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Rounding Error

June 3 – July 15, 2005

Rounding Error” will run continuously in the Media Gallery at Neutral Ground June 3 – July 15, 2005, 11:00 am – 5:00 pm according the fhe following schedule:

11:00 – 1:00pm – 3 years of COCOSOLIDC1T1 Comissioning

1:00 – 3:00pm – Broken Channel

3:00 – 5:00pm – Ghost Storeys

Rounding error – 3 years of C0C0S0L1DC1T1 projects

C0C0S0L1DC1T1 work out of the UK, Canada and France and have been curating sound, Internet, video and film based artists from around the world into galleries, museums, festivals and CD/DVD projects for 3 years.

Broken Channel (A project undertaken with The Futuresonic Festival, UK). Broken Channel presents artistic interpretations of the contemporary experience of surveillance, from a range of leading international artists working in sound and video.

We live in a time in which surveillance is running out of control, entering all aspects of people’s day to day lives, encountered not only in the spectacular cases of terrorist scares, but also in the mundane realities of supermarkets and motorways, store cards and credit ratings, product tags and mobile phones. The spread of the control space of surveillance runs largely unchecked and unopposed, at times even celebrated, as the visible majority are only too happy to exchange their freedoms for Airmiles, Cashback or the assurance that it is now safe to walk back home. Hidden spaces disappear as the curtain of privacy is rolled back, and this is as much an issue for cultural difference and subcultures that thrive out of the spot-light, as it is for carjacker or the migrants without the proper papers. Both a political and cultural force for change, discussion is silenced as the security blanket is inexorably rolled out. Broken Channel does not pretend to check the spread of surveillance. Rather, it seeks to simply open up alternative spaces in which discordant voices can be heard, by presenting diverse visions of a world beset by surveillance technologies, of a control society running out of control.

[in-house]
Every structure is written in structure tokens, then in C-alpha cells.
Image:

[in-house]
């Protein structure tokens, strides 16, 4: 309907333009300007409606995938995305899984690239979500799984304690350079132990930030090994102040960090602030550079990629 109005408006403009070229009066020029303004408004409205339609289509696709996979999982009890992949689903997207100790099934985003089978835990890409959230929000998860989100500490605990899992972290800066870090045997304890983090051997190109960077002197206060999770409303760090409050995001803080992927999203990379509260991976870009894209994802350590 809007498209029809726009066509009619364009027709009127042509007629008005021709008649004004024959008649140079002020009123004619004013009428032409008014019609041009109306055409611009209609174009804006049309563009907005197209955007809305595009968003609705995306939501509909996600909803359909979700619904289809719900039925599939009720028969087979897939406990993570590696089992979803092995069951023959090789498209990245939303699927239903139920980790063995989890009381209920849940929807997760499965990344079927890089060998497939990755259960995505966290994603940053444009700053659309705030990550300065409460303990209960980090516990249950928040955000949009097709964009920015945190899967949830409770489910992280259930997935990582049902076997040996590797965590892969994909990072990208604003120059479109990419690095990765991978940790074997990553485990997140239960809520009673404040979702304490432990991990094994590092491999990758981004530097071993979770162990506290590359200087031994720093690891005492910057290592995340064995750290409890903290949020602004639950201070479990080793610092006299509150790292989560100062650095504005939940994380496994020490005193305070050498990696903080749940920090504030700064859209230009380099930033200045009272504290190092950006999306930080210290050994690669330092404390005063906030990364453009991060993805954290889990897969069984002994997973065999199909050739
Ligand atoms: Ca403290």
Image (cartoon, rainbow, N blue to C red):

This series of works comes from well established artists who have been exhibiting internationally at venues such as The Museum of Modern Art, NYC and the Venice Biennale for a decade or more.

Ghost Storeys is a multimedia project that proposes to create a multidimensional sonic and visual narrative that reflects the central themes of socio-political phantom spaces, virtual architecture, and identity within an urban context where all these layers of meaning intersect, come into conflict, and become open to mutation. Ghost Storeys explores the idea that the phantom, virtual, or mutating building is a common aspect of contemporary urban existence. Examples of virtual or ephemeral architecture abound in contemporary culture – from the imaginary architecture of film, Manga and Japanim through the virtual “rooms” of cyberspace to actual post-modern architecture that melds the new with the old. In a crowded world, buildings are often superimposed one upon the other, or old buildings are incorporated into the bodies of new edifices. The form remains as a spectral reminder of the function, purpose or “life”, of the older building that no longer exists. Ghost Storeys and superstitions continue to haunt contemporary architecture even as form and function are increasingly rationalised. It is interesting to note that few modern skyscrapers have a 13th floor designated as such. The 13th floor functions as a ghost storey haunting a supposedly rational modern society.

Kristian and Aoike will explore issues of individual and national identity within the context of the interactivity of contemporary audio and visual culture as it exists on a global scale, both within popular – such as Japanim and Manga – and experimental aesthetic culture. One facet of this cultural exploration will be an investigation into the cultural meaning and traditions of ghosts in both cultures. Though the work process of Ghost Storeys involves multiple collaborators, the intent is to emphasize Kristian and Aoike’s investigation of their individual and collective cultural identities within a global context.

The artists wish to thank the British Arts Council and the Arts Council of England.